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British Industrial History

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National Bus Co

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The National Bus Company (NBC) was, from 1969 to 1988, a nationalised bus company in England and Wales.

1969 January 1: The National Bus Company was formed as the owner of a number of regional bus operating companies, including the Transport Holding Co's bus and coach interests which included those of both Tilling and BET. It did not run buses itself.

The NBC inherited from the Transport Holding Co (THC) the 75 percent holdings in the bus manufacturers Bristol Commercial Vehicles and Eastern Coach Works.

1969 NBC formed a joint venture with British Leyland Motor Corporation (the 25% owner of Bristol and ECW), by means of which British Leyland became a 50% owner of the NBC's manufacturing companies. The joint venture designed and built a new single-deck bus, the Leyland National. The first bus was delivered in 1972, and it remained in production until 1986. The National was also available to other bus operators.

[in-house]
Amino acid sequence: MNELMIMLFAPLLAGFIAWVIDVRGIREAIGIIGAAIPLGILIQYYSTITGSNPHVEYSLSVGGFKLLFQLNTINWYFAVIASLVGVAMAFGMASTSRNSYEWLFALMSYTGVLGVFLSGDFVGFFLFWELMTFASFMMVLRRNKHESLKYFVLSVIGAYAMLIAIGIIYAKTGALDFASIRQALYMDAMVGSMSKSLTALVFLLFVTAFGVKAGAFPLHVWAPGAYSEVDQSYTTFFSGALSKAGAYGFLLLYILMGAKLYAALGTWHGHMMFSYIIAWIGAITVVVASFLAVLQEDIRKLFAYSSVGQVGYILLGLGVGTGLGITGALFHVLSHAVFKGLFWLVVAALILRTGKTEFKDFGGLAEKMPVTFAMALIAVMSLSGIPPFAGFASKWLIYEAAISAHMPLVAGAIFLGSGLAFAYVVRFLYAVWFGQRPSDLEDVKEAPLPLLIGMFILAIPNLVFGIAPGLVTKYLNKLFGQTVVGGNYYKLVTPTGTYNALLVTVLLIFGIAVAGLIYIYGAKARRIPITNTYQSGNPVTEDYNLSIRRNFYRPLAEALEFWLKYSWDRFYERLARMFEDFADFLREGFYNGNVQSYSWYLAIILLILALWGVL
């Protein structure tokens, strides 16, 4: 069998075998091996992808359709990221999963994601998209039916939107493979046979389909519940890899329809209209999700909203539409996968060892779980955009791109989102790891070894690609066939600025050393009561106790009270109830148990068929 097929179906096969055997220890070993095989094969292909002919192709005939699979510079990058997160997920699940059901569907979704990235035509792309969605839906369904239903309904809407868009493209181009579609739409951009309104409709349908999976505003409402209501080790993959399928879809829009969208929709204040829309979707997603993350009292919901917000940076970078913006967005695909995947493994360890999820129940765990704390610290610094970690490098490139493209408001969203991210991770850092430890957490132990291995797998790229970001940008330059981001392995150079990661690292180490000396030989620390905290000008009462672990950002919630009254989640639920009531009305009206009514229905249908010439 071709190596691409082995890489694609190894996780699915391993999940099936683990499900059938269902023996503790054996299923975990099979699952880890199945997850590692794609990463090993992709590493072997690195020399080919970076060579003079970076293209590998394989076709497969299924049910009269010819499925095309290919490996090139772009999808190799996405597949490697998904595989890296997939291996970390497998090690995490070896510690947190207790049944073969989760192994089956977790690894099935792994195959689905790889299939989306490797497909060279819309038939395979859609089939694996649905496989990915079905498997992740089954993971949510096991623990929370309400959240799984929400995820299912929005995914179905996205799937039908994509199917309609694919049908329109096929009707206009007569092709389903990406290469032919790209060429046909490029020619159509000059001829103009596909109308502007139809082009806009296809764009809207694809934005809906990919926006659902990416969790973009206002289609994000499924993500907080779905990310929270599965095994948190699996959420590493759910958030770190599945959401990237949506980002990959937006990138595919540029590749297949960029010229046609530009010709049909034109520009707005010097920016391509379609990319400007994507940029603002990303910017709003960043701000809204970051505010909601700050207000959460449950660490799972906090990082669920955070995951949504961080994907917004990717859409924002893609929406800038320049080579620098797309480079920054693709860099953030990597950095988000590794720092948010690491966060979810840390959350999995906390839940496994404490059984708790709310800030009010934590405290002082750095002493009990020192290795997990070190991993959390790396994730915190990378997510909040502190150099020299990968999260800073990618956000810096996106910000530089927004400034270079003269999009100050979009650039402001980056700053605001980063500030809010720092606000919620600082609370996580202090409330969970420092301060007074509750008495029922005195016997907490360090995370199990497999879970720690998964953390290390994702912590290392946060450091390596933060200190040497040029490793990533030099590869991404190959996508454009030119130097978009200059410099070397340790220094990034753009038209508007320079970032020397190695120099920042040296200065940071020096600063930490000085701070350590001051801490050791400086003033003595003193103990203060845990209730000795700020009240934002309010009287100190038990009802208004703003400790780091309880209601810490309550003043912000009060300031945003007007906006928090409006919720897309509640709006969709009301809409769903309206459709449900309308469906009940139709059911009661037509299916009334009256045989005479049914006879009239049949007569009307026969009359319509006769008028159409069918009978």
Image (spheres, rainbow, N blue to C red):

1969 Acquired Gosport and Fareham Omnibus Co from Hanson Trust[1]

1970 the company was enlarged when it acquired the former country area buses of London Transport, and the bus operations of the County Boroughs of Exeter and Luton.

1972 NBC introduced corporate images. Henceforward its coaches were branded as National Travel and painted in unrelieved white, with the NBC logo and the 'NATIONAL' name in alternate red & blue letters, being rebranded as National Express soon afterwards. The addition of blue and white stripes appeared first in 1978.

In 1982 NBC sold its 50% interest in the joint venture (including Bristol and ECW) to British Leyland.


See Also

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Sources of Information

  1. The Times, Dec 20, 1969